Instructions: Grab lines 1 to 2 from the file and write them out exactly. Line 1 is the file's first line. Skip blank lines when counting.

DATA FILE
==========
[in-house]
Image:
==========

[in-house]
Image: